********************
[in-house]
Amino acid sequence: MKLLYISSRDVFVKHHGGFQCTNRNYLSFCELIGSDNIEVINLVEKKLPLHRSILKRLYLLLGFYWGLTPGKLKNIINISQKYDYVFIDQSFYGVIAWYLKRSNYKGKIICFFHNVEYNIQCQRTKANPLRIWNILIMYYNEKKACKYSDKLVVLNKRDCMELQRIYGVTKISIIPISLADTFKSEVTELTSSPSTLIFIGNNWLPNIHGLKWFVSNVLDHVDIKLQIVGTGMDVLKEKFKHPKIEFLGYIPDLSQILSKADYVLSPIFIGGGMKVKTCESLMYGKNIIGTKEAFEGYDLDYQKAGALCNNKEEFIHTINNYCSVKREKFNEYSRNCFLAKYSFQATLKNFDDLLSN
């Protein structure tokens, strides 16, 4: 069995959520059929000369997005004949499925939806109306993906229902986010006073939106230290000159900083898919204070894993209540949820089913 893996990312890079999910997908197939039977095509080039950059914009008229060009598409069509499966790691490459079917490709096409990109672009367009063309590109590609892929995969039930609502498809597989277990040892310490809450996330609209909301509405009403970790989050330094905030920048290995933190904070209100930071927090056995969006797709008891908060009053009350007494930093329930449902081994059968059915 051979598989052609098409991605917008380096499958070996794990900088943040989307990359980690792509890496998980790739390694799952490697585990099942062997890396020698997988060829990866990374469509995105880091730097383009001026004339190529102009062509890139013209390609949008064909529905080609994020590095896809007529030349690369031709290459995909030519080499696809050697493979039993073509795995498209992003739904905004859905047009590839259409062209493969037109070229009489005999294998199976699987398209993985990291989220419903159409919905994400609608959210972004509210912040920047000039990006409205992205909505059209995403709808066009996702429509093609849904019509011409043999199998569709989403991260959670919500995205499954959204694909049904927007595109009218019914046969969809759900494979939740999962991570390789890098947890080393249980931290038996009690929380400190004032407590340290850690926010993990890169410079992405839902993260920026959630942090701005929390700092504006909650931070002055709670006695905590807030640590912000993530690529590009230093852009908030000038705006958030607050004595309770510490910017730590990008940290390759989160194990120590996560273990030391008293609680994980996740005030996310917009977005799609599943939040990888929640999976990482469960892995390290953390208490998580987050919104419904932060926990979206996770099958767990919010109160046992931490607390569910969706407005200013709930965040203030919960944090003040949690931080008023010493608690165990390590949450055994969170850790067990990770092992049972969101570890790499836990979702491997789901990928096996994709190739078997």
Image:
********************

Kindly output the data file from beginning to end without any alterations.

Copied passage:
[in-house]
Amino acid sequence: MKLLYISSRDVFVKHHGGFQCTNRNYLSFCELIGSDNIEVINLVEKKLPLHRSILKRLYLLLGFYWGLTPGKLKNIINISQKYDYVFIDQSFYGVIAWYLKRSNYKGKIICFFHNVEYNIQCQRTKANPLRIWNILIMYYNEKKACKYSDKLVVLNKRDCMELQRIYGVTKISIIPISLADTFKSEVTELTSSPSTLIFIGNNWLPNIHGLKWFVSNVLDHVDIKLQIVGTGMDVLKEKFKHPKIEFLGYIPDLSQILSKADYVLSPIFIGGGMKVKTCESLMYGKNIIGTKEAFEGYDLDYQKAGALCNNKEEFIHTINNYCSVKREKFNEYSRNCFLAKYSFQATLKNFDDLLSN
């Protein structure tokens, strides 16, 4: 069995959520059929000369997005004949499925939806109306993906229902986010006073939106230290000159900083898919204070894993209540949820089913 893996990312890079999910997908197939039977095509080039950059914009008229060009598409069509499966790691490459079917490709096409990109672009367009063309590109590609892929995969039930609502498809597989277990040892310490809450996330609209909301509405009403970790989050330094905030920048290995933190904070209100930071927090056995969006797709008891908060009053009350007494930093329930449902081994059968059915 051979598989052609098409991605917008380096499958070996794990900088943040989307990359980690792509890496998980790739390694799952490697585990099942062997890396020698997988060829990866990374469509995105880091730097383009001026004339190529102009062509890139013209390609949008064909529905080609994020590095896809007529030349690369031709290459995909030519080499696809050697493979039993073509795995498209992003739904905004859905047009590839259409062209493969037109070229009489005999294998199976699987398209993985990291989220419903159409919905994400609608959210972004509210912040920047000039990006409205992205909505059209995403709808066009996702429509093609849904019509011409043999199998569709989403991260959670919500995205499954959204694909049904927007595109009218019914046969969809759900494979939740999962991570390789890098947890080393249980931290038996009690929380400190004032407590340290850690926010993990890169410079992405839902993260920026959630942090701005929390700092504006909650931070002055709670006695905590807030640590912000993530690529590009230093852009908030000038705006958030607050004595309770510490910017730590990008940290390759989160194990120590996560273990030391008293609680994980996740005030996310917009977005799609599943939040990888929640999976990482469960892995390290953390208490998580987050919104419904932060926990979206996770099958767990919010109160046992931490607390569910969706407005200013709930965040203030919960944090003040949690931080008023010493608690165990390590949450055994969170850790067990990770092992049972969101570890790499836990979702491997789901990928096996994709190739078997």
Image: